BME alumna honored with state STEM advocate award

Biomedical engineering alumna Stacy Klein-Gardner received the 2017 STEM Advocate Award May 24 from the Tennessee STEM Innovation Network.

She is one of four winners the TSIN will honor with excellence awards that recognize outstanding teachers, leaders, and advocates in the fields of science, technology, engineering, and math (STEM) education.

State Senator Bo Watson presents Stacy Klein-Gardner with TSIN’s STEM Advocate Award. Watson serves on TSIN’s Executive Council.

Klein-Gardner is the director of the Center for STEM Education for Girls at Harpeth Hall School in Nashville. She receives the advocate award for her commitment to advancing opportunities for girls in STEM and for the successful creation of a national platform for incubating ideas that provide access to STEM opportunities for all students.

The STEM Advocate Award recognizes a Tennessean who has demonstrated a passion for STEM education through public advocacy and participation in leadership organizations that advance STEM education for students.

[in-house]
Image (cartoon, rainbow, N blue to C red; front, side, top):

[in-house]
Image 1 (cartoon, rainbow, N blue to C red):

At Harpeth Hall School, Klein-Gardner leads professional development in STEM and works to identify and disseminate best practices from successful STEM programs for females. She hosts the nationally-recognized STEM Think Tank and Conference annually at the school and leads a program for rising seventh through twelfth-grade girls that integrate community service and engineering design in a global context.

She currently serves as the immediate past chair of the American Society for Engineering Education’s Pre-College Engineering Education Division and serves as an adjoint professor of biomedical engineering at the Vanderbilt School of Engineering.

From 2007 to 2010, Klein-Gardner was associate professor of the practice of biomedical engineering and associate dean for outreach. In these roles, she was the principal investigator of the NSF-funded Bioengineering Research Experience for Teachers program, co-PI for the NSF-funded Bioengineering Education Research REU site project, and co-PI for the Design and Development of Educational Modules for Bioprocess Engineering (NSF CCLI).

During her administrative tenure, she significantly expanded engineering study abroad programs for undergraduates, was in charge of industrial relations for the School of Engineering and oversaw school-level publications. Klein-Gardner is a lauded classroom instructor and academic adviser at the high school, undergraduate and graduate levels.

Klein-Gardner earned a bachelor’s degree in biomedical and electrical engineering at Duke University (’91), a master’s degree in biomedical engineering at Drexel University (’93), and a Ph.D. in biomedical engineering at Vanderbilt University in 1996.

Brenda Ellis, (615) 343-6314
Twitter @VUEngineering